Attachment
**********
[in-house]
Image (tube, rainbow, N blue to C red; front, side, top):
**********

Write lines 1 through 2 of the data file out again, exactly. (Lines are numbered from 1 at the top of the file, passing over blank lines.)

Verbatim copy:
[in-house]
Image (tube, rainbow, N blue to C red; front, side, top):